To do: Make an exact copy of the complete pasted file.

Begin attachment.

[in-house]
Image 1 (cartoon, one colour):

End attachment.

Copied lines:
[in-house]
Image 1 (cartoon, one colour):